John A. Doerner is an artist and nautical expert who meticulously researches late nineteenth century steamers and wind-driven ships of the Pacific Coast. “These ships are part of our history. They had names. They were real.”
At the age of twenty-five, John Doerner’s passion for art began with the creation of a sculpted model of the Joseph Russ, a ship commissioned and named by his great-great grandfather. Since then hundreds of paintings and sculptures have found port among collectors and admirers around the world.
John resides in Ferndale, California and his friends call him Andy.
Text and information regarding each ship provided by Ken Rhoades and Andy Doerner, 2008.
John A. Doerner – City of Topeka. Jack London once served aboard the City of Topeka as an able bodied seaman on a voyage to Alaska. This ship of 1057 tons was built at Chester Pennsylvania in 1884 and served along the Pacific Northwest until scrapped in 1933.
John A. Doerner – Cleone. Built 1887 in San Francisco, California. This 197 ton Schooner was converted to a steamer at Alameda, California in 1901 at which time her hull was increased to 228 tons. In 1931 she was stranded on Blunts Reef.
John A. Doerner – Corona. This 394 ton schooner was built at Port Blakey, Washington in 1883 and was last known to be still afloat in 1920 after being sold to Peru in 1909. This depiction of the Corona is a sight rarely observed by anyone other than experienced seamen when the bowsprit plows into green water while cresting a giant sea leaving a spray in both port and starboard directions nearly as high as the ship itself.
John A. Doerner – Emma Claudina. Around 1895 the Emma Claudina arrived on the ‘coastwise’ scene capturing much of the Central American trade routes.
John A. Doerner – Ethel Zane. This 498 ton ship, 165 feet length, 36 feet wide, with a 12 foot depth of hold, was built in Eureka, California in 189. She saw service all the way into World War One until sinking during a typhoon in the South Pacific. Her crew of nine was rescued by the Arapahoe.
John A. Doerner – Irene. The 772 ton, 186 foot length, 40 foot beam, and 14 foot depth of hold Irene was built at Fairhaven on Humboldt Bay in 1900. Irene was destroyed when burnt on a Hollywood movie set in 1929.
John A. Doerner – Joseph Russ. Commissioned by John Doerner’s great great Grandfather, the Joseph Russ was built in Eureka, California in 1881 at 247 tons, 124 feet, 30 foot beam and 9.6 foot depth of hold. The Joseph Russ ran aground at Chirikok Island, Alaska in 1912.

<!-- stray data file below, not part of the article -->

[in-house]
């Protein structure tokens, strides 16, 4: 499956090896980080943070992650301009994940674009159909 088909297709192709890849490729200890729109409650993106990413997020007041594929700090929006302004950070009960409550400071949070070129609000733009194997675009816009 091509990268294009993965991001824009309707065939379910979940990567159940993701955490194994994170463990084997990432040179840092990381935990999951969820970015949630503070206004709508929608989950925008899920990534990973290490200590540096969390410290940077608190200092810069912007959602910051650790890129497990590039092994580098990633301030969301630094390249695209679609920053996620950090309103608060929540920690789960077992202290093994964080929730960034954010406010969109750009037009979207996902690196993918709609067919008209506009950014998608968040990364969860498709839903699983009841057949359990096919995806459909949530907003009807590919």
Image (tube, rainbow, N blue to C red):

John A. Doerner – Navarro. This 232 ton steamer was built at San Francisco in 1887. Her disposition, like many of the thousands of ships of the era, is unknown.
John A. Doerner – San Buenaventura. Built at Fairhaven on Humbolt Bay in 1876, this 180 ton ship crashed on the rocks off the coast of Gold Beach, Oregon on January 14th, 1910. She was a small, but sleek and fast ship at 107 feet long, 30 feet wide, with an eight and a half foot depth of hold.
John A. Doerner – A Ship with No Name. This ship represents a typical hybrid powered schooner built during the transition from wind power to steam. Even after the pure steamship arrived in the late 19th century, windjammers continued to be built and put in service well into the 20th century.
John A. Doerner – Tiverton. This 557 ton steamer was built in 1906 at Hoquiam, Washington and was stranded in Humboldt Bay in 1933.
John A. Doerner – Wapama. Built at St. Helens, Oregon in 1915, this 951 ton ship is one of a few survivors of the thousands of vessels of her era and is currently in dry dock on a barge anchored in Sausalito Bay.
John A. Doerner – William Carson. The Pride of Fairhaven where she was built, the 890 ton Barkentine had a length of 195 feet, 40 foot Beam, and 16 foot depth of hold. The ship perished on her maiden voyage in a collision with a steamer in the Hawaiian Islands.
The 441 foot S.S. Jeremiah O’Brien was one of more than three thousand Liberty Ships of World War II and is still in service today. On the Internet you will find historic information on the ship’s past and present.
John A. Doerner – Sea Foam. Built at Aberdeen, Washington in 1904 by John Lindstrom, the Sea Foam wrecked at Point Arena on February 23, 1931.